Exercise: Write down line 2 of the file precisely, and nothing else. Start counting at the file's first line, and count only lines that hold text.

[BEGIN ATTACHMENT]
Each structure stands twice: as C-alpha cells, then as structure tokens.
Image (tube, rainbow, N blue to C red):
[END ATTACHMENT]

Image (tube, rainbow, N blue to C red):